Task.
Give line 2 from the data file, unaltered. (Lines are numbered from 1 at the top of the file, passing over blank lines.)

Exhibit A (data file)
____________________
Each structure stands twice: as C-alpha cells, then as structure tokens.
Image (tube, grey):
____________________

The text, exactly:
Image (tube, grey):